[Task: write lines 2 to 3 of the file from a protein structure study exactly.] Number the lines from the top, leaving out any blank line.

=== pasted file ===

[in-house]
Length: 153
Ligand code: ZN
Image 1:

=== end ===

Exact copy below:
Length: 153
Ligand code: ZN